Digital Education

// Posted by on 04/01/2013 (12:47 AM)

The digital world as a third space exists globally as an alternative universe for many users. The network is global, made up of infinite localities. Local problems now have the opportunity to receive attention in a global forum and attract attention through that outlet. Digital culture pervades much of our daily lives at University of Richmond and I believe the same is becoming increasingly true across the nation and across the world. Every day people are finding new ways to use this digital space to improve or change their situation in their current physical space. Right now, look at education in the US. It’s no secret that college in the US is expensive. Many students will graduate in debt from student loans and countless others will not be able to afford college in the first place. But what if all it took to get an education was a laptop?

Salman Khan, a former analyst at a hedgefund, founded Khan Academy, a not-for-profit organization that seeks to provide “a free world-class education to anyone anywhere.” The Khan Academy was voted one of the 50 best websites of 2011 by TIME Magazine. There are over 2000 videos in 27 languages that cover a range of subjects and topics. Khan came up with the idea for his organization while tutoring his cousins remotely via YouTube videos. Now, because of Khan’s organization, millions of people worldwide have access to this digital classroom. What also makes this classroom unique is the structure; the student learns at his or her own pace, meaning that no student is left behind.

In this TEDTalk from Khan, he discusses his inspiration and vision for the Academy and the ways it can influence what is happening in the physical space for education.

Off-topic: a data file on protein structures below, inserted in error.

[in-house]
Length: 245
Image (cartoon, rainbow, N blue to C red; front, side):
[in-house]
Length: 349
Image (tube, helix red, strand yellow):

What are the implications of a shift to digital education? Will college attendance numbers decrease? Is there a reliable measure of success from digital education versus a “physical” education? For those without the time or resources to earn a full degree at a university, Khan Academy could be an opportunity for upward social mobility. An education opens the doors to a whole range of careers and access to other connected resources. Where do you think there is the most potential for this type of digital education? Could it help immigrants from Mexico and elsewhere to earn better wages and fill more specialized positions? Is digital education useful for US citizens?

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Vicky said...

Celia, like I said in class I think Khan Academy is a very interesting idea…but it raises a lot of concerns with me. I just feel like why invest so much money and time into creating these online spaces when our physical spaces, like our public schools, need so much help, financially and otherwise, themselves. I feel like the shift to digital education could erode our physical education systems and even the education system in general…because as we talked about in class online classes take a lot of personal motivation and call on personal responsibility…but some students, especially younger ones, lack both of those and often need that push from physical institutions and laws in place in the real world. I mean there is a reason that institutions, such as our own university, avoid going digital right? This leads me to a more general question….is the digital realm a threat to our physical world/societies overall?

// 04/03/2013 at 11:10 pm